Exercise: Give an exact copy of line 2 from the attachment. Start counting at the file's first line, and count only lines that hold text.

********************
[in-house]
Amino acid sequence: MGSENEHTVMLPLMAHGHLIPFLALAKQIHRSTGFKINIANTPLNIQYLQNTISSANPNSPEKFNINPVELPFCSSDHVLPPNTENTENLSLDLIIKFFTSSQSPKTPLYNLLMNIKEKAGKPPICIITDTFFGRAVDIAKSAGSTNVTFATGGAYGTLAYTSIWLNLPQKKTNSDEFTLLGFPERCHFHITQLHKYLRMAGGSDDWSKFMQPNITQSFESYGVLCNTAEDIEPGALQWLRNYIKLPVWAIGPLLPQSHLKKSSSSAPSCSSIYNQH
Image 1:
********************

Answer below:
Amino acid sequence: MGSENEHTVMLPLMAHGHLIPFLALAKQIHRSTGFKINIANTPLNIQYLQNTISSANPNSPEKFNINPVELPFCSSDHVLPPNTENTENLSLDLIIKFFTSSQSPKTPLYNLLMNIKEKAGKPPICIITDTFFGRAVDIAKSAGSTNVTFATGGAYGTLAYTSIWLNLPQKKTNSDEFTLLGFPERCHFHITQLHKYLRMAGGSDDWSKFMQPNITQSFESYGVLCNTAEDIEPGALQWLRNYIKLPVWAIGPLLPQSHLKKSSSSAPSCSSIYNQH